Ah yes, the Supersonic Lockheed Blackbird model kit. You could get some great stuff from breakfast cereals! Today’s strip ends with the most annoying thing you could ever see at the end of your favourite TV series’ episode: ‘To be continued…’

TV Torture


horse racing boring

The Races: Hours and hours of drawn-out torture

Hours and hours of drawn-out torture

Yep – just as Steve Austin was about to be defeated by Barney – or David Banner was being annoyed – too much – by some thugs, that bloody text would appear onscreen. And it wasn’t like you could just skip to the next episode on your BluRay disc or play the next one on some subscription web TV service. Oh no, no, no; You would have to wait a whole WEEK.

And do you know what else might happen then? It gets worse. Much worse. There you are, a week later, sat on the floor in front of the telly with your Corn Flakes, your little heart racing, counting down the seconds – just like you did «waiting for Space 1999 to come on at 5 o’clock – and an announcer would say:


This week’s episode of Planet of the Apes has been postponed – until further notice – due to Racing at Chepstow.


You could say that life wasn’t actually all great for kids in the ’70s. In many ways, it could be hell.


The Cereal Aisle

I asked the question last week on the Between * Wars Facebook Group:


“During boring Saturday trips to the supermarket, what was your favourite aisle?”


sugar smacks box

Hmmm… the nutritious goodness of refined sugar, with JOE 90.

In the landslide of reader comments that ensued; three of the three readers who answered, replied with “The one with all the amazing cheese varieties in it.” – that was Rove; and ” “The wine section in Superquinn in the 1980s” – said my little sister Candace, who would have been aged between 3 and 13 at the time! And finally, Tom Gatto who said “The cereal aisle!”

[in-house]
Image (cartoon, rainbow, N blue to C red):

You see Tom, (as I adjust my monocle and put on a German accent) you and I are not so verrry different after all…

Tom actually even cracked one of the gags in today’s strip: “(…) swearing that the worst cereal on the shelf was your favorite, because it came with a (supposedly) good prize.” Not so verrry different, Mein Herr.

Without meaning to sound holier-than-thou, I loved having breakfast at my cousins’ houses in England. They usually had Kellogg’s Variety Packs. If you were quick enough you could snag some crappy Sugar Puffs, or Frosties. At home my mum usually gave me Ready Brek [powdered oats] with a concoction of stuff added to it: Bran, Wheat Germ and Lyles Golden Syrup. The latter was supposedly more healthy than plain sugar. Hmmm.


lyles golden syrup dead lion?

To me, this looked like a picture of a dead, rotting Lion carcass with bluebottle flies buzzing around and living in it. Or maybe they were wasps! Maybe this was how wasps made their kind of honey? In Lion carcasses. Then Lyle made that into Golden Syrup?


Supersonic Blackbird Model Kit!


Lockheed supersonic blackbird model